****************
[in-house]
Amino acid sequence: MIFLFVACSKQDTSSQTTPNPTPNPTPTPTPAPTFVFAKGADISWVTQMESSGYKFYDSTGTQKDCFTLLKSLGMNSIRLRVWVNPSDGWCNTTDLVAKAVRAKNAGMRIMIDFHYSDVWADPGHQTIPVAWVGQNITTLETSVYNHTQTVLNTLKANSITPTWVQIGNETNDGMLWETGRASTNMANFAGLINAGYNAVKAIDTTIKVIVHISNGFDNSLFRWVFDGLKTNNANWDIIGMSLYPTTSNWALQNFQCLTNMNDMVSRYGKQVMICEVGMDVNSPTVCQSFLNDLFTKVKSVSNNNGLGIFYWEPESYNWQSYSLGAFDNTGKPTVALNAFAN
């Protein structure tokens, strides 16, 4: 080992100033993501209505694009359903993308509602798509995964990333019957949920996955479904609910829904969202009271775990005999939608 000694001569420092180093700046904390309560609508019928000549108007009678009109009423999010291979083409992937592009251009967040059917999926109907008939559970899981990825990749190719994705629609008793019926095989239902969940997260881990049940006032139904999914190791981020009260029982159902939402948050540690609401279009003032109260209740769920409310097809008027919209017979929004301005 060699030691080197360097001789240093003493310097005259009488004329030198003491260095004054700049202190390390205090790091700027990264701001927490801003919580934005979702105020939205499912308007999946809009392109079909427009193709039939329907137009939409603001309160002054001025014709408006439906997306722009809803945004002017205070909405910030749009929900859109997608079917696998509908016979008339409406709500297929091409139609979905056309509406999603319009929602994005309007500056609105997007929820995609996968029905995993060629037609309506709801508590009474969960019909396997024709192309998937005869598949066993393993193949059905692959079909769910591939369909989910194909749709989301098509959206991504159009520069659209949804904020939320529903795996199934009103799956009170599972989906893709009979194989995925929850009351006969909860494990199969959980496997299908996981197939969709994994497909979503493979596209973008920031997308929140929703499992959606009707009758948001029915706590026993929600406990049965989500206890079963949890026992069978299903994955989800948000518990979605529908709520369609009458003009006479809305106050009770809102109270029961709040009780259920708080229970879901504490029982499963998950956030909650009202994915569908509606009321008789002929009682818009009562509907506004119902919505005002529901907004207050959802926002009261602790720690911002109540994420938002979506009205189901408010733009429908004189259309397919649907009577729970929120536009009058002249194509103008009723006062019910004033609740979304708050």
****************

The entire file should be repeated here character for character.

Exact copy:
[in-house]
Amino acid sequence: MIFLFVACSKQDTSSQTTPNPTPNPTPTPTPAPTFVFAKGADISWVTQMESSGYKFYDSTGTQKDCFTLLKSLGMNSIRLRVWVNPSDGWCNTTDLVAKAVRAKNAGMRIMIDFHYSDVWADPGHQTIPVAWVGQNITTLETSVYNHTQTVLNTLKANSITPTWVQIGNETNDGMLWETGRASTNMANFAGLINAGYNAVKAIDTTIKVIVHISNGFDNSLFRWVFDGLKTNNANWDIIGMSLYPTTSNWALQNFQCLTNMNDMVSRYGKQVMICEVGMDVNSPTVCQSFLNDLFTKVKSVSNNNGLGIFYWEPESYNWQSYSLGAFDNTGKPTVALNAFAN
């Protein structure tokens, strides 16, 4: 080992100033993501209505694009359903993308509602798509995964990333019957949920996955479904609910829904969202009271775990005999939608 000694001569420092180093700046904390309560609508019928000549108007009678009109009423999010291979083409992937592009251009967040059917999926109907008939559970899981990825990749190719994705629609008793019926095989239902969940997260881990049940006032139904999914190791981020009260029982159902939402948050540690609401279009003032109260209740769920409310097809008027919209017979929004301005 060699030691080197360097001789240093003493310097005259009488004329030198003491260095004054700049202190390390205090790091700027990264701001927490801003919580934005979702105020939205499912308007999946809009392109079909427009193709039939329907137009939409603001309160002054001025014709408006439906997306722009809803945004002017205070909405910030749009929900859109997608079917696998509908016979008339409406709500297929091409139609979905056309509406999603319009929602994005309007500056609105997007929820995609996968029905995993060629037609309506709801508590009474969960019909396997024709192309998937005869598949066993393993193949059905692959079909769910591939369909989910194909749709989301098509959206991504159009520069659209949804904020939320529903795996199934009103799956009170599972989906893709009979194989995925929850009351006969909860494990199969959980496997299908996981197939969709994994497909979503493979596209973008920031997308929140929703499992959606009707009758948001029915706590026993929600406990049965989500206890079963949890026992069978299903994955989800948000518990979605529908709520369609009458003009006479809305106050009770809102109270029961709040009780259920708080229970879901504490029982499963998950956030909650009202994915569908509606009321008789002929009682818009009562509907506004119902919505005002529901907004207050959802926002009261602790720690911002109540994420938002979506009205189901408010733009429908004189259309397919649907009577729970929120536009009058002249194509103008009723006062019910004033609740979304708050």